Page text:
Sonia Raikkonen
My new book, The Murder of Sonia Raikkonen, featuring Inspector Saralkar, is about the murder of a Finnish tourist in Pune. As the story progresses, the mystery becomes a ‘why-dun-it’ instead of the regular ‘whodunit.’

Friday, June 19, 2015

Review in Reading Hour

We are confident: ‘Pages from an Unfinished Autobiography’ is an interesting book. Hence we decided to publish it.

But how do you promote a book when the author is so reticent about publicity? Imagine that, in this day and age, when it is essentially the job of the author, and not the humble publisher to promote a book. After all, the credit goes to the writer, not the publisher.

This Bangalore-based wonderful magazine ‘Reading Hour’ published a judicious review of Dibyajyoti Sarma’s ‘Pages from an Unfinished Autobiography’ in its January-February 2015 issue (vol 5, issue 1), and the author did not inform us about it at all. We finally found the review, and it’s a very good one.

The reviewer, Shruti Rao, understands the book and its foibles too. She says some of the poems “pale in comparison with their more powerful siblings”. This we agree. Some poems could have been edited out. But Mr Sarma insisted that they be included. He wanted to document everything, the sacred, the profane.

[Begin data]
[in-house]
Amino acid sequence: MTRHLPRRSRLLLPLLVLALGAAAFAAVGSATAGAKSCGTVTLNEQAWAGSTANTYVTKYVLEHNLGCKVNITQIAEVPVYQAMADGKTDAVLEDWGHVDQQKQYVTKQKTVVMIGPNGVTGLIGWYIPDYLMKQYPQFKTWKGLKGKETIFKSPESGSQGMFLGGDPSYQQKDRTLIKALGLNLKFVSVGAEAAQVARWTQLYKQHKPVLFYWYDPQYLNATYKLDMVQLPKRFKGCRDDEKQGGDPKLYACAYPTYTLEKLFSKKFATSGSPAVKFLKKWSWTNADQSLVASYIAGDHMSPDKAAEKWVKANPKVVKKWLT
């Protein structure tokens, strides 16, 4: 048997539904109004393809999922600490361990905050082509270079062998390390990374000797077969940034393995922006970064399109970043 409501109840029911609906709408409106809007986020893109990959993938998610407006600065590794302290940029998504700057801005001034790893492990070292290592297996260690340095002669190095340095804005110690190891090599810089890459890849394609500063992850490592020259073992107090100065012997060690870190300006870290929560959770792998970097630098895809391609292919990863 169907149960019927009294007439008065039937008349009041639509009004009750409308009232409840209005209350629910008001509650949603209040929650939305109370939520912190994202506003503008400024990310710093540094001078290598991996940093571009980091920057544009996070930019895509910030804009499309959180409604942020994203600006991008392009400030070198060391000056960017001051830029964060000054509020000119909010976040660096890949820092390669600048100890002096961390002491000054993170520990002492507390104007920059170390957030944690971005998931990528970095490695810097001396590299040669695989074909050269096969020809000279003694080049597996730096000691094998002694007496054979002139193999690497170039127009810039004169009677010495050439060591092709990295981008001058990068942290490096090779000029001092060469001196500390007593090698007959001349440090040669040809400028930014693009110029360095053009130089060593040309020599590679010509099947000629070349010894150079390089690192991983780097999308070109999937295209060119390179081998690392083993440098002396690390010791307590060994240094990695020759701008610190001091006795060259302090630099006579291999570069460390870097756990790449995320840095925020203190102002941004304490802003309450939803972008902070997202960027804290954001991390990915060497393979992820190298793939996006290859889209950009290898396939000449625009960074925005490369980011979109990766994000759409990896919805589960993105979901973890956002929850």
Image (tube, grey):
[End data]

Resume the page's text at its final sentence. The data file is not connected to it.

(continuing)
Rao also is smart to understand the tonal inconsistency of some of the poems. They have the ring of translation from another language, she says. This is true. Mr Sarma started writing poetry in Asomiya and some of the poems in the volume are actually his own translation of his Asomiya poems.

Finally, Rao writes: “Sarma’s poetic eye looks as much inwards as outwards. The poems, though autobiographical, and nostalgic for past memories, also throw a radio signal out to the world. Is anybody listening? They ask, and you realise that through the impenetrable fortress wall of someone else’s private life, you have been listening in rapt attention.”